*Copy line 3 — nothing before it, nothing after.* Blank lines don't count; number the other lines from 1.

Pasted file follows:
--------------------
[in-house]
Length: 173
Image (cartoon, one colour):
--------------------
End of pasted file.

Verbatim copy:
Image (cartoon, one colour):